: Sarah, a Malayali woman, has been in jail in Kolkata for years. A newspaper from Kerala sends its correspondents all the way there to cover her story.
: With its fair share of pitfalls and loopholes, our legal justice system has been existing in our midst, to make important decisions on people lives, for long. When women are at its receiving end, the system gets a lot more skewed. Marupadi, a film by V M Vinu, typifies such a frightful situation, demanding some scary answers and solutions if any.
Sarah (Bhamaaa), an orphan, is happily married to banker Aby (Rahman) and has a teenaged daughter Riya (Nayanthara). A career-crisis situation lands the family in Kolkata, where an unexpected turn of events pushes them into a couple of horrendous experiences.
Marupadi is a relevant film, asking the right questions that ring aloud in the minds of most women and parents. It has a storyline that the viewers can sympathize with, and it acknowledges uncomfortable truths about the systems meant to protect us. At some point in time, we might also have come across such instances in real life. All that varies is probably, the degree of harassment for the people at its mercy and yes, the film has its intentions right.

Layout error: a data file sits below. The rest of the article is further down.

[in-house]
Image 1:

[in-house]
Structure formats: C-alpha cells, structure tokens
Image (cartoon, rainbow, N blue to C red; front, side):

The points at which the movie falters are the presentation and that too, with a handful of ‘cringe worthy’ moments, as opposed to its trailer that gives away the impression that it is a thriller. For instance, the interview scene of the first half - the director’s intention was bringing on some light moments and laughter, but it ends up being too silly and distasteful. Similarly, one can hardly digest the manner in which the ‘gentlemanly’ Aby behaves with Sarah in the car, the first time they meet after growing up. There are many moments at which you also feel that the pairing of Rahman and Bhamaa is a bit too odd and awkward. In the intense second half that mostly holds up, what stands out unpleasantly is a long, important speech. It presents some valid points, no doubt, but the heavy dose of drama distracts the audience to the extent that the focus changes to how theatrical it might get.
Those among the audience who love family drama might put up with it, but definitely not the crowd that’s looking for an edge-of-the seat thriller.